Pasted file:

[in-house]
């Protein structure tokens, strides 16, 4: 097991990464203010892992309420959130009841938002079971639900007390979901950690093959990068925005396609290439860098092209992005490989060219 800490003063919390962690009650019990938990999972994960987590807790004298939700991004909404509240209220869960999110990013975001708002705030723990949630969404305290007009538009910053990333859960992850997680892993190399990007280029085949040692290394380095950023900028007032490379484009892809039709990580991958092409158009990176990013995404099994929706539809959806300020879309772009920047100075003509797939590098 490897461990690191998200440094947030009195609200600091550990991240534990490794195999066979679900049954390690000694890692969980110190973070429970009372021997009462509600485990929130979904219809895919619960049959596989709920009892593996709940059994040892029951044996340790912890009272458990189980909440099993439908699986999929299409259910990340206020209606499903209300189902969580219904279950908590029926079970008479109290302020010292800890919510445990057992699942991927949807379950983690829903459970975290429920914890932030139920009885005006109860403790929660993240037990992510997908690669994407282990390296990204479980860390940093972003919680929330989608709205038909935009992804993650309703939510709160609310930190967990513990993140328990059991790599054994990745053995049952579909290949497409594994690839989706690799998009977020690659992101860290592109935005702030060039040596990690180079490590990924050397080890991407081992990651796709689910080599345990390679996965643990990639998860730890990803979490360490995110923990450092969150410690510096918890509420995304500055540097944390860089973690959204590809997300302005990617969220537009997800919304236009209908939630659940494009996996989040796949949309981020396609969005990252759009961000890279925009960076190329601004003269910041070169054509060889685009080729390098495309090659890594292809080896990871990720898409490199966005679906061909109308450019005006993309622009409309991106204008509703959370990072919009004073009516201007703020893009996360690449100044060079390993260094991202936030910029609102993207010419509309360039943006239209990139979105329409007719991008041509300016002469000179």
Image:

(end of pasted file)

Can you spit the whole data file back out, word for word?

[in-house]
């Protein structure tokens, strides 16, 4: 097991990464203010892992309420959130009841938002079971639900007390979901950690093959990068925005396609290439860098092209992005490989060219 800490003063919390962690009650019990938990999972994960987590807790004298939700991004909404509240209220869960999110990013975001708002705030723990949630969404305290007009538009910053990333859960992850997680892993190399990007280029085949040692290394380095950023900028007032490379484009892809039709990580991958092409158009990176990013995404099994929706539809959806300020879309772009920047100075003509797939590098 490897461990690191998200440094947030009195609200600091550990991240534990490794195999066979679900049954390690000694890692969980110190973070429970009372021997009462509600485990929130979904219809895919619960049959596989709920009892593996709940059994040892029951044996340790912890009272458990189980909440099993439908699986999929299409259910990340206020209606499903209300189902969580219904279950908590029926079970008479109290302020010292800890919510445990057992699942991927949807379950983690829903459970975290429920914890932030139920009885005006109860403790929660993240037990992510997908690669994407282990390296990204479980860390940093972003919680929330989608709205038909935009992804993650309703939510709160609310930190967990513990993140328990059991790599054994990745053995049952579909290949497409594994690839989706690799998009977020690659992101860290592109935005702030060039040596990690180079490590990924050397080890991407081992990651796709689910080599345990390679996965643990990639998860730890990803979490360490995110923990450092969150410690510096918890509420995304500055540097944390860089973690959204590809997300302005990617969220537009997800919304236009209908939630659940494009996996989040796949949309981020396609969005990252759009961000890279925009960076190329601004003269910041070169054509060889685009080729390098495309090659890594292809080896990871990720898409490199966005679906061909109308450019005006993309622009409309991106204008509703959370990072919009004073009516201007703020893009996360690449100044060079390993260094991202936030910029609102993207010419509309360039943006239209990139979105329409007719991008041509300016002469000179």
Image: